Wyoming is a sparsely populated and spectacular state to visit. Every five years we make a pilgrimage to Yellowstone and Grand Teton.
The area attracts many. Many tourists come to gawk, take photos, of which I have many, to hunt, fish, back pack, and other activities.
On June 28, 2015, Megan, Erin, and Kelsi Andrews-Sharer continued their backpacking experience in the Gros Ventre Wilderness southeast of Jackson, Wyoming. They are from Ohio. The three young women are experienced backpackers. They had good clothing, plenty of food, and good tents.
They were supposed to be in Chicago July 7th. They didn’t make it. Their alarmed parents notified the authorities in Jackson. Searches were organized. Their father Eric flew out to join the search.
The next day the searchers were hampered by a rough storm that had a driving rain, hail, and high winds. A prayer vigil was held at the Wisconsin church where the sisters attended as children.
On July 8th their car was found at a trailhead. The trailhead has many trails off of it, some created by hikers that are not mapped. Searches focused their attention to that area of the wilderness with no success. Two helicopters were also used in the search. That night the sister’s mother, Shirly, attended a prayer vigil that was held at the church the family attends. Then she flew out to Jackson.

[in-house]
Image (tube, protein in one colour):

The next day, Nate Suter was clearing a trail for the upcoming hunting season along with Kolten Cook. They saw a figure descending from a ridge and decided it was a person and not an animal. They tried to get the person’s attention, but failed.
On their way out of the area, a sheriff’s deputy asked them if they had seen any hikers in the area. They described what they saw and the helicopters were redirected to that area. The sisters were by a thick forest. Anyone going into those woods would not be seen.
On July 9th at 11AM, a helicopter spotted them. They flew back to Jackson, cold, wet, exhausted, and hungry. They were glad to be reunited with their parents. They had rationed the food they packed in.
Their father, Eric, told the media, “As you can imagine, my wife and I are very relieved and thankful that they are safe.” He was asked if he gave any advice to his daughters. He replied, “Next time, tell someone where you are going.”
In a sense, the guides who spotted a figure in the distance, acted as shepherds. They were shepherds to the lost sisters and they were shepherds to the searchers who had no idea where to look for the lost sisters. Whenever we find ourselves lost, it is good to have shepherd.
Jeremiah 23 begins with a curse to shepherds who destroy and scatter sheep. Of course, no shepherd in his right mind would do such a thing. The shepherd who did this would lose his livelihood. I say “his,” because in ancient times there were no female shepherds.